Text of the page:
Dr Huh has led Green Cross to become a rapidly-growing Korean pharmaceutical company, with a two-digit growth rate for the last five years. To a large extent, broad and strong partnerships have been a critical part of the company's growth strategy and will continue to be a strong driving force for its future growth. The strategic alliances have enabled Green Cross to expand their clinical development programs towards global market and to launch new products.
In a highly important deal, Green Cross entered into a memorandum of understanding (MoU) with the Thai Red Cross Society to establish a plasma derivatives manufacturing plant worth approximately $61.6 million. This is the first time that a Korean pharmaceutical company has secured an MoU to build a plant to produce plasma derivatives overseas. Besides, Green Cross is expected to advance into emerging markets as well as established markets in South East Asia.
Dr Huh has also led the company to get USFDA approval for phase III clinical trials for Immunoglobulin IVIG-SN, the first domestically-developed biopharmaceutical. It is estimated that Green Cross' exports of IVIG-SN will be worth more than $100 million by 2015. In 2011, he fostered an agreement with Japan's aRigen Pharmaceuticals for joint development of the super antibiotic ‘WAP-8294A2'. He also forged an agreement for introduction of endometriosis therapy ‘Diphereline' with Ipsen Korea and entered into ‘R&D industry-university cooperation MoU' with Yonsei University Health System.
The company also entered into an agreement with the US-based MacroGenics for joint development and exclusive sales of Herceptin anticancer antibody therapy. Last year, the biggest blood fraction products and recombinant gene products plant in Asia, Ochang factory, was completed by Green Cross.
To strengthen competitiveness in the global market, it is critical to retain superior human resources in R&D and train them. Green Cross has strived to recruit both local and overseas candidates and seeks specialists with in-depth expertise and experience in the pharmaceutical industry.
Over the past 40 years, Green Cross has worked continuously for producing new medicines that could save lives in Korea and the world. With a strong belief that R&D is the future, the company aims to become a leading world-class biopharmaceutical company through continued investment in R&D. "This goal is achievable given our drug-development experience, such as developing vaccines for hepatitis B, chicken pox vaccine, and AIDS diagnostic reagent, and state-of-the-art infrastructure. Also, over and above economic benefit we highly value integrity and code of conduct, and are responsible towards our core business strategies and their execution for the nation and people, " observes Dr Huh.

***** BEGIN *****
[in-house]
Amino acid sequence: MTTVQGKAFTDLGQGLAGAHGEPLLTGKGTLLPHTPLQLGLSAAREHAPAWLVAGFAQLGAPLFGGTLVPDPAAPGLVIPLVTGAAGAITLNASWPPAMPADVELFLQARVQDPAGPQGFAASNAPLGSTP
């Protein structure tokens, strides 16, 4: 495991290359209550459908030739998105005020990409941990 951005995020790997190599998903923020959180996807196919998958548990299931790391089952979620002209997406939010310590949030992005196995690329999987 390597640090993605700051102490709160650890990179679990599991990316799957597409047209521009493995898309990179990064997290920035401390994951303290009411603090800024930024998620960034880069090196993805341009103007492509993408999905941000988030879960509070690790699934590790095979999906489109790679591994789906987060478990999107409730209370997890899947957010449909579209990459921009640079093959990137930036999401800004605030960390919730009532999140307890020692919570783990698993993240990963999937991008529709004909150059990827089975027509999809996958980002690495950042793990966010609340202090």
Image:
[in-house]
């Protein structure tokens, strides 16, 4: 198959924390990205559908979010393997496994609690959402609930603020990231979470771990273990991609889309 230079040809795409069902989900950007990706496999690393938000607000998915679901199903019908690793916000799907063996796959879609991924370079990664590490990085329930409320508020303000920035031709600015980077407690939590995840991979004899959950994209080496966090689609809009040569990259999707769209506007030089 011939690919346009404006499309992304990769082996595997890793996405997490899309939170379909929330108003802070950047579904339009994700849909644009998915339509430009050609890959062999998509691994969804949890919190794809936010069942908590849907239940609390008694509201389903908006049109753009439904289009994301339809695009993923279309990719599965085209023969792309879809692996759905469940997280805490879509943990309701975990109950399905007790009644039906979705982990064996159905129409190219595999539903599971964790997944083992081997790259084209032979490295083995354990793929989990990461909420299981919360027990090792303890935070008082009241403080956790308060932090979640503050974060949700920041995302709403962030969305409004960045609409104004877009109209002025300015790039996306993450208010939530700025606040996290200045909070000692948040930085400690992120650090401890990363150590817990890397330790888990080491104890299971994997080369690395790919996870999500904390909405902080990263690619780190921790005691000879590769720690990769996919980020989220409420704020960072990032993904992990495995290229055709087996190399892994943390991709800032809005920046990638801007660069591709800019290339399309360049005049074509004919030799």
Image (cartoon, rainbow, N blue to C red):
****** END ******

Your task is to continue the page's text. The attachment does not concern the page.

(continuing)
Besides his contribution and responsibilities towards Green Cross, Dr Huh has been playing multiple roles in the industry that bring him larger credibility and recognition. He was the chairman of the board of Korea Pharmaceutical Manufacture Association from 2005 to 2007, vice chairman of Korea Biotech Association and is currently the vice president of Korea Tuberculosis Preventive Association. "By doing so, I have contributed in making Korea biotech industry mature and stand proudly on the global stage with other advanced countries," he believes.
Reacting to the government's drug price control measures, the financial burden of public health insurance system, and expanding presence of multinational pharmaceuticals in the Korean market, which is taking a toll on the Korea life sciences industry, Dr Huh says, "I believe that the role of an entrepreneur in the Korea life sciences industry is to focus and develop innovative medicines. The field of life sciences is often exclusive and impenetrable, which is why we are focusing our R&D to rapidly grow into a global game changer as a specialty biopharmaceutical company."
Giving his views on Korea's position in the global vaccine market, Dr Huh shares that the vaccine market, especially in Korea, is relatively small compared to its population, yet it is growing, and various Korean pharmaceutical manufacturers are increasingly investing in vaccine business. This is different from what the case was in the past when Korea had been importing all the vaccines from overseas. Green Cross as a leader in the vaccine field is now expanding its vaccine business towards the second generation technology, like cell-based culture vaccines and multivalent vaccines.